Reeve Death Doesn't Justify Farming Humans

Mark Oshinskie
Reproduced with Permission

Dear Editor:

Upon his death, many have hailed Christopher Reeve's "courageous" advocacy of embryonic stem cell research ("ESCR"). However, one might question why the wealthy, good-looking Mr. Reeve received attention that many other suffering people never get. Beyond that, one might wonder whether Mr. Reeve would have ever cared about this issue if he did not have a personal stake in it.

These questions aside, one must feel very sorry for those whose bodies are failing, especially those with spinal cord injuries. Yet, this sympathy should not block consideration of whether the overstated benefits of this research justify the means: cutting up human embryos. Initially, there are practical obstacles. Taking cells from IVF-derived embryos and putting them into adults is unlikely to work for two basic reasons. First, early research shows that the life force contained in embryos is so vigorous that transplanted cells multiply too rapidly and into too many types of cells to be therapeutic; thus, embryonic cells may intensify, not ameliorate, physical problems. Second, IVF-derived embryos have different DNA than that of prospective recipients. Thus, tissue rejection seems likely. This is why Mr. Reeve and others also support "therapeutic cloning:" the placement of adult cells in enucleated eggs so that genetic replicas of the adult can be farmed and then harvested. However, even if cloning were to work, there will simply never be enough such eggs to treat all of the persons to whom cures have been hyped. In order to derive enough embryos to treat the 16 million Americans with diabetes alone, over 850 million eggs will be required.

The moral problems with embryonic stem cell research are wrongly dismissed with the argument that embryos are insignificant because they are, well, so small. Yet, if the embryos were not human, canine embryos would do. Moreover, if, despite their smallness, embryos did not have a unique identity, couples would not insist on the creation and implantation of only their, presumably special, embryos and there would not be big lawsuits when IVF clinics mistakenly implant the wrong embryos.

Further, in examining the context of embryo research, one sees both how science interacts with culture, and the future of biotech, generally. One should begin by asking: where did they get all those frozen embryos that are about to be vivisected? In IVF, many surplus embryos are manufactured, at the cost of millions of insurance-subsidized dollars, in a nation that does not provide even basic medical coverage for 45 million people. IVF is used principally by those who are infertile from STD or abortion scarring and/or who have waited until advanced reproductive ages to form lasting relationships and to attempt childbearing.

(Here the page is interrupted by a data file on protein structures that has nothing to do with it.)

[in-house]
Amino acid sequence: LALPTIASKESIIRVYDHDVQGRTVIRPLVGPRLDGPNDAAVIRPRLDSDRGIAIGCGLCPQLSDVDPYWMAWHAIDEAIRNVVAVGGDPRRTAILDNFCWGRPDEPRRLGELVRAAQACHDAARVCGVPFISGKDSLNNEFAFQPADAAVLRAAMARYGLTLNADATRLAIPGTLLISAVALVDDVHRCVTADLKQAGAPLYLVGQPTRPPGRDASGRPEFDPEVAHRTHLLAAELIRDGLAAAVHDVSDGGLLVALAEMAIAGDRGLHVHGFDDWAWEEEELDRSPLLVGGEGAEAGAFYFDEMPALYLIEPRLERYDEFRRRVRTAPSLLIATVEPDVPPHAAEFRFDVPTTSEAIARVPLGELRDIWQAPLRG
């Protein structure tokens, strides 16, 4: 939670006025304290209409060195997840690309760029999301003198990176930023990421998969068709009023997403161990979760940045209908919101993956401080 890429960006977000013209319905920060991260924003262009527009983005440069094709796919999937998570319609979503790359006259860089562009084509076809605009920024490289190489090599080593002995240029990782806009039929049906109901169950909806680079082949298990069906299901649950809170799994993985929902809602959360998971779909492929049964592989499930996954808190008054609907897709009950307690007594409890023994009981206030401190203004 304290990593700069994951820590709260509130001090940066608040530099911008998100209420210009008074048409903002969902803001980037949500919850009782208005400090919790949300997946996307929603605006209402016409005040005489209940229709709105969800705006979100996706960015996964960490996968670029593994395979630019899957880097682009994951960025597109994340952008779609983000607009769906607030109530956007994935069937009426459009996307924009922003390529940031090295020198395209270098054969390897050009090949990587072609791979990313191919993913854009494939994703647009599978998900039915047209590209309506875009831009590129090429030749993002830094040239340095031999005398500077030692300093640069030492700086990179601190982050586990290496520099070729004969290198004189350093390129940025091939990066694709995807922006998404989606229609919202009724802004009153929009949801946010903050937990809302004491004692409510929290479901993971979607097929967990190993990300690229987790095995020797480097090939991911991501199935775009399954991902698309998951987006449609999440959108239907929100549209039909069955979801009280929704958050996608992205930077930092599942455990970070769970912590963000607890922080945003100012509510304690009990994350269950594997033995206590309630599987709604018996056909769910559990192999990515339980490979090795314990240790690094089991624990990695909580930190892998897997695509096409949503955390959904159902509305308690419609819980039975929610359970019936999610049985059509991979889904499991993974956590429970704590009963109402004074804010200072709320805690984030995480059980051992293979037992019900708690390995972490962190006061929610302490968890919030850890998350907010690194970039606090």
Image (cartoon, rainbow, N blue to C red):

In turn, one might ask, why do so many Americans have STD and abortion scarring and/or wait until after 35 to marry and/or attempt conception? Mass reliance on birth control, including abortion, since the 1960s has created an experimental/disposable mindset about sexuality, reluctance about commitment and an unwillingness to sustain marriages. It's interesting, but sad, to hear parents of thirty year olds who favor abortion and birth control lament their child's inability to find a committed mate in our "hookup" culture.

These developments have compromised Americans' natural fertility. Characteristically, instead of re-examining, and perhaps modifying, their behavior, Americans have arrogantly transformed conception into a technological enterprise, delivered by a lucrative, lavishly supported industry.

When IVF began twenty-five years ago, who would have believed that it would soon generate 400,000 frozen embryos that could be cut up for parts? Now that this has come to pass, why should anyone be so na•ve to think there are any limits to the biotech enterprise, as long as there is money to be made and a prevailing ethos that nature can and should be subjugated to fulfill short term, individual desires. Scientists are attempting to extend lives without regard to the kind of world those in which those lives will be lived.

Given the human harvest of embryos entailed by stem cell work, don't be surprised by anything. Rather, expect to see, among other things, the mining of eggs from impoverished women to attempt to treat some of the afflicted, the harvesting of organs from IVF'd or cloned fetuses, the extraction of tissue from the old and disabled, designed humanoids and a profoundly alienated, numbly self-centered culture. One corrupt process will continue to be stacked upon another. Developing an exit strategy for biotech will be even harder than developing one for Iraq.

Mark Oshinskie, J.D.
240 Wayne St.
Highland Park, NJ 08904

Mark Oshinskie is an attorney, the creator of the HumanFuture website, and the author of many published bioethics essays.